When all this happened I was twenty-six, which didn’t seem to me at all young. I’d recently realized that I couldn’t say anymore, when people (great-uncles, overzealous librarians) asked, that I’d “just finished college,” and that no one wanted to know now what I wanted to be; they wanted to know what I did.
Which was: tutoring. “Ohhh! Tutoring! That must be so . . . [hard/interesting/wonderful].” It was hard, in the sense that all of life, particularly the bits you have to spend with sullen eleven-year-olds, is hard. And it was interesting, in that it meant I got to see a great number of strangers’ kitchens and bedrooms and medicine cabinets packed with antidepressants and Vaseline. It was only wonderful at the ends of sessions, when I would nod farewell to a parent or babysitter and spill back out into the world, free and light and finished.
For the two years after college I’d had a more conventional job, at a political magazine on Capitol Hill. This magazine was tiny and well respected, perpetually on the brink of bankruptcy, overseen by its eighty-something FDR-revering founder, staffed by young and exhausted and brilliant people who moved on after a year or two and haunted you forever after with their bylines. Every issue was an emergency, and in the middle of my first real assignment, something about the transformation of the domestic auto industry, I had a panic attack (my first in years), complete with a terrifying/ mortifying ambulance ride, after which my boss made clear, if it wasn’t clear already, that I was probably in the wrong line of work.
So that spring I became a tutor, which seemed, along with being a nanny, to be one of the loopholes people my age had discovered in the professional world, a way of making a reasonable amount of money without working particularly hard or doing anything more soul-crushing than absolutely necessary. My mom and stepdad were appeased by the thought that I was just biding my time before going off to law school and becoming a public defender (which I still thought I might do), and I was appeased by the thought that I got to spend all my nights with Claire.
I’d met Claire when we were undergrads, but we’d only known each other well enough to smile when we shared an elevator or when we passed each other in the library. She was one of the girls, of whom there were dozens at Penn, who I’d see and think, In another life, maybe, yes. Red hair, pale skin, freckles that weren’t so much countable as a kind of wallpaper pattern. She was in things like improv troupes and student movies, on the fringes of the theater crowd but not quite so pretentious or pleased with herself as most of them seemed to be. She always had a boyfriend, usually another actor.
I first saw her in D.C. at a party in Adams Morgan just before I left the magazine. It’s always unsettling, seeing people you’ve almost but not quite forgotten about—not because they’ve changed (she’d hardly changed at all) but because they’ve gone on existing, finding jobs and making friends and moving apartments, all without the help of your thinking about them. So there she was, Claire Brier, standing in front of the little table that someone had set up with bottles of vodka and juice and red plastic cups. We hugged when we saw each other, despite never having hugged when we’d seen each other regularly. We carried our drinks over to the window, because even though it was April the heat was on in the apartment, and while we talked she fanned herself with her hand. She turned out to be living alone on U Street, working at a think tank, still doing improv on the weekends. She finished her vodka and poured herself another. She looked, I thought and think, like a girl who should live on a rocky beach in New England, drink enormous mugs of dark tea, dig up clams.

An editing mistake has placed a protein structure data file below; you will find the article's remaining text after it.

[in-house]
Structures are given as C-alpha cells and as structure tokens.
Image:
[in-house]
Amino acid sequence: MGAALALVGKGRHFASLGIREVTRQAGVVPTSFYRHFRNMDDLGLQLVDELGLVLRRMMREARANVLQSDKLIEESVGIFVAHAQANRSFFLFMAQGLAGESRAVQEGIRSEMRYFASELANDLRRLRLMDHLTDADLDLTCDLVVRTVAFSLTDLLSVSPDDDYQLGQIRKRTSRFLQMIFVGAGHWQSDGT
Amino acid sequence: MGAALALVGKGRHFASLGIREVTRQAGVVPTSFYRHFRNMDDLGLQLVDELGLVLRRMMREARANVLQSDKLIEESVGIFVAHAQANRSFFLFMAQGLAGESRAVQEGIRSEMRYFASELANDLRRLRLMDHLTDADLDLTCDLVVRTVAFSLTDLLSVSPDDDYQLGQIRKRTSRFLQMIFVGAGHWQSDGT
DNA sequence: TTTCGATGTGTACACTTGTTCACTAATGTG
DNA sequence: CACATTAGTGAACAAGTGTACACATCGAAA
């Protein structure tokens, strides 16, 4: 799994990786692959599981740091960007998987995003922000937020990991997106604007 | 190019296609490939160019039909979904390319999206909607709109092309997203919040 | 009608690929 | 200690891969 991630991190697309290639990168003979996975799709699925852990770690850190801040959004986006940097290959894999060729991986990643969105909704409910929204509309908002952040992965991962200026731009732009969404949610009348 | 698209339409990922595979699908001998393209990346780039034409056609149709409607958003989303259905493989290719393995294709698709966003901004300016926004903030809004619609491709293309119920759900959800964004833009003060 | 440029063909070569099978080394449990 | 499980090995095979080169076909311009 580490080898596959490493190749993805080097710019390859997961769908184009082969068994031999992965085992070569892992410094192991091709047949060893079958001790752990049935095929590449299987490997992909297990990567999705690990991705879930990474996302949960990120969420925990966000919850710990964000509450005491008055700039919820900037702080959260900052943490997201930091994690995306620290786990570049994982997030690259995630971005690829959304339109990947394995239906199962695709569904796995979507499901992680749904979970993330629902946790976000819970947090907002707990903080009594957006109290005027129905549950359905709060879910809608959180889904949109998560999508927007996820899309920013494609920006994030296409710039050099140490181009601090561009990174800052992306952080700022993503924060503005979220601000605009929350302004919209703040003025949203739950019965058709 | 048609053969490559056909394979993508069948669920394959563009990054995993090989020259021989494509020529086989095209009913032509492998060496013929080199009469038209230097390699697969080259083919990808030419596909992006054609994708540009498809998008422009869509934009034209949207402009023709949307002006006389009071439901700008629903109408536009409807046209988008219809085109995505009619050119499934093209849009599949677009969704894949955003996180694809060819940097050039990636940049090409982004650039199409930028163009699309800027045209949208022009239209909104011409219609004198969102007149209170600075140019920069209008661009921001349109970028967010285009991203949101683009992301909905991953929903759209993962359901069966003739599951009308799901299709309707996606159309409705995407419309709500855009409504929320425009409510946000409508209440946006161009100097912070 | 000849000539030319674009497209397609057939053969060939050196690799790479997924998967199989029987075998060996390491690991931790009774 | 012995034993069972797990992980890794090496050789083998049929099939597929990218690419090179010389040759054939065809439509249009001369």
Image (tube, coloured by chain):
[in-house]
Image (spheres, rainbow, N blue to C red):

“You always seemed like such a dude,” she said after we’d been talking for a while. “I thought you were a Flip Cup kind of person.”
“I thought you were a vocal exercises kind of person.”
“Mi mi mi mi mi.” We hugged again before she left, more confidently than before, and she told me that I should come to her next improv show.
I did, and that did it. There were, in those first weeks, afternoon coffees that ended with us on a bench near her office, her legs in my lap; there were mornings of having to unmake the bed to find our underwear; there was kissing good-bye on the Metro platform. By that first fall together we were spending almost every night at her apartment, reading next to each other in bed, having conversations between the shower and the bedroom.
“So I guess this is what it feels like,” she said once, when we were leaning forehead to forehead, the only two people on the long escalator in Union Station.
I wish I could take that year, like the salvageable bits of a meal dropped on the floor, and separate it from what happened next, which now seems minor but which at the time seemed baffling and tragic and unbelievable. What happened is: she broke up with me. “You had a bad breakup,” my mom said when I was over for dinner one night, in a summing-up-and- moving-on voice. (Are there good breakups? Are there break- ups that leave both people feeling that they’ve just emerged not from a washing machine but from a bittersweet and not- too-long movie?)